Code.org arrives in Spain: the reference organization to promote programming among the little ones will help in our country
Spain has a new ally to teach programming to children. Code.org, the worldwide reference non-profit organization in this task, announced today its arrival in Spain.
It is not easy to see political parties of different colors jointly supporting an initiative, but the objective of promoting programming in Spain and promote it as a core subject in primary and secondary has strong support. This is derived from the event held by this organization together with Pilar Alegría, Minister of Education and Professional Training.
Teaching children programming: an initiative that seems to unite the government and the opposition
The organization founded nine years ago by Hadi Partovi, present at the event at the Fundación Telefónica headquarters, has important support worldwide, from personalities like Barack Obama or Bill Gates to multi-million dollar funds from companies like Amazon, Facebook or Google.
In Spain, a campaign has been carried out with the four former presidents of the government and messages from front-line politicians from the different parties. A demonstration that the objectives of the organization are widely supported. The objective is bring Spain closer to the levels of the US, where half of basic education schools already teach programming.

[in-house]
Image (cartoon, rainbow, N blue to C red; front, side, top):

Different personalities from the Spanish technology industry participated among the attendees; from the president of Telefónica, José María Álvarez-Pallete, to the Secretary of State for digitization and AI, Carme Artigas, through Carlos Izquierdo, CEO of Cabify, Oscar Pierre, founder of Glovo or Cuca Gamarra, president of the Konecta group.
According to the report ‘Education in computer science in Spain 2015’ of the FECYT, 82% of teachers have never learned to use technology to teach.
Spain will be the new EMEA headquarters of this organization that offers free and open training content in 60 languages, has 64 million students and more than 2 million teachers have an account on the platform. It remains to be seen if, with its arrival in Spain, programming education manages to take that leap that has been sought for so many years.